Professional service firms need capital to scale, as do product companies. However, the capital-formation process used by a service firm is different than the one used by product companies.
Why should founders of boutique professional service firms care about this distinction? Founders of service firms who do not pay attention pay a dear price. For example, founders dilute their ownership stake more than they should. And when they exit their firms, their payout is less than they had hoped for. They often enter partnerships that are very difficult to get out of if the need should arise. And many others.
Capital formation is a fancy term but the definition is simple. It is the process used by a company to create the funding to start, scale, and exit a firm.
Founders who go through a capital-formation process can expect a demanding and long path. However, those demands and processes are not the same between product-based firms and professional service firms. The following is an overview of the process of capital formation for professional service firms.
This is a grit phase. An aspiring founder is employed full-time for a company and works a side hustle as a 1099 contractor serving a small number of clients. She uses extra cash saved as capital to provide the runway to quit the job and make the side hustle the primary job.
The founder has moved the capital generation beyond himself; the founder uses an anchor client who commits to a “large” project. The cash flow from the large project is used to hire employees and launch the firm.
The founder uses debt to fund the working capital needed for growth and to deal with the unpredictable revenue stream of a young boutique professional service firm. This often begins with credit cards and progresses to real estate lines of credit, then eventually to a personally guaranteed small business loan from either the government or the service firm’s bank.
The founder uses the free cash flow from operations to fund the scale of her boutique. The firm is generating enough free cash flow to fund expansion, and the founder is disciplined enough to pour the cash back into the business.
The founder taps into institutional capital for the first time to fund his exit. This comes from a strategic acquirer, a financial acquirer, or a lending institution. The funds are used to buy out the first generation of leaders and support the next generation of leadership.
The primary difference between a service firm and a product business is the founder of a service firm takes institutional capital only at the end (exit), whereas a founder of a product business takes institutional capital in the beginning and at every step along the way. Why? There are several key reasons why the capital-formation process varies between product-based firms and professional service firms.
In a professional service firm, the founder provides the pre-launch capital himself. A founder of a product company, in contrast, would raise money from friends and family in the pre-launch stage. Why? The amount of capital required for a product company in pre-launch exceeds the founder’s ability to self-fund. The capital to hire employees, buy technology, develop a product, and fund the initial overhead can be too significant of a hurdle for a product company to generate itself.
An anchor client provides the launch capital for a professional services firm. A founder in a product company, in contrast, would raise money from a seed-stage venture-capital firm. And the reason for the difference is the same—the capital intensity of a product company is much greater than a service firm. Therefore, a founder of a service firm has a big advantage in that she does not have to dilute her equity percentage by taking on venture-capital funding.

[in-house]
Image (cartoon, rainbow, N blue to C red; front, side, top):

In a professional service firm, the founder provides the growth capital himself. He does this by borrowing money from credit-card companies, mortgage companies, banks, or the government. The founder personally guarantees the debt, exposing himself to financial risk if the firm fails. A product company founder, in contrast, raises a Series A round of growth capital from a venture-capital investor. Rarely does the founder have to personally guarantee this funding because it comes in the form of equity—not debt.
The service firm provides the scale capital itself. Therefore, the time it takes to scale a service firm is constrained by the amount of free cash flow generated. In contrast, a product company can scale much faster because it is using institutional money and is not constrained by free cash flow. However, the founder becomes a minority shareholder in the process.
An institution provides the exit capital in both professional service and product-based companies. This is the only stage of the capital-formation process whereby there are similarities between a service business and a product company.
The most important thing for founders of boutique professional service firms is to not make an irreversible mistake. Many founders are first-time founders and, therefore, do not know what they do not know. When faced with a need for capital, they follow the advice given to product companies, and this is very costly.
For example, raising money from an institution early means giving up equity much too soon and, consequently, at a big discount. This equity will be worth much more later on. This mistake destroys wealth. Why do founders of pro serv firms make this mistake? They do not know any better.
Hopefully, this advice from an experienced founder will prevent this mistake from happening in the future to you. Take a deep breath and carefully study your capital-formation plans, making sure you’re considering your downside protection and how to manage the upside.
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